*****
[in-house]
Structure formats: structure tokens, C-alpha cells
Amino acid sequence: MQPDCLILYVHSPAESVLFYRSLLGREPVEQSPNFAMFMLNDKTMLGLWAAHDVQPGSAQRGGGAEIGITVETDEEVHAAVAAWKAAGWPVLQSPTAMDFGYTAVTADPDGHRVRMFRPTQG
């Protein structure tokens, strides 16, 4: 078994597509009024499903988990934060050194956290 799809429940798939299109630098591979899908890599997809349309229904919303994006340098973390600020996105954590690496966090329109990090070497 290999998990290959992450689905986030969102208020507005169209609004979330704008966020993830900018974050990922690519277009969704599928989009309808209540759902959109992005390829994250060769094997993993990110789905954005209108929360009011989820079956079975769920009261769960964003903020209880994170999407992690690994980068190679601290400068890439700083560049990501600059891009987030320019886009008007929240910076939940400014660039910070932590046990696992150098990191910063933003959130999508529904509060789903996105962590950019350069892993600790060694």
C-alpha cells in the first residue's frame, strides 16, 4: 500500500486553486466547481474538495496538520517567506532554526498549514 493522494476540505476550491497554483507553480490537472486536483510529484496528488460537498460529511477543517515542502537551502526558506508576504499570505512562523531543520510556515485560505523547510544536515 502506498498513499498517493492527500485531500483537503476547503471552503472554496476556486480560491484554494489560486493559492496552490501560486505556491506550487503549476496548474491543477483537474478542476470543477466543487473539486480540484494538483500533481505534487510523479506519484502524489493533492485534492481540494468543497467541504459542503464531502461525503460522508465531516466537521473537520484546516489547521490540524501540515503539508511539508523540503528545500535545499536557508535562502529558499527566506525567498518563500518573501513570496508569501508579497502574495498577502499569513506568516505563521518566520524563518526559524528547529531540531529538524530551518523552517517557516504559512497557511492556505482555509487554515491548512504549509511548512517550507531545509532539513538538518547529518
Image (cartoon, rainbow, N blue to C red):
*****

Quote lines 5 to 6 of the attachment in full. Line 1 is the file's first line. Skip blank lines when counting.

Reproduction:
C-alpha cells in the first residue's frame, strides 16, 4: 500500500486553486466547481474538495496538520517567506532554526498549514 493522494476540505476550491497554483507553480490537472486536483510529484496528488460537498460529511477543517515542502537551502526558506508576504499570505512562523531543520510556515485560505523547510544536515 502506498498513499498517493492527500485531500483537503476547503471552503472554496476556486480560491484554494489560486493559492496552490501560486505556491506550487503549476496548474491543477483537474478542476470543477466543487473539486480540484494538483500533481505534487510523479506519484502524489493533492485534492481540494468543497467541504459542503464531502461525503460522508465531516466537521473537520484546516489547521490540524501540515503539508511539508523540503528545500535545499536557508535562502529558499527566506525567498518563500518573501513570496508569501508579497502574495498577502499569513506568516505563521518566520524563518526559524528547529531540531529538524530551518523552517517557516504559512497557511492556505482555509487554515491548512504549509511548512517550507531545509532539513538538518547529518
Image (cartoon, rainbow, N blue to C red):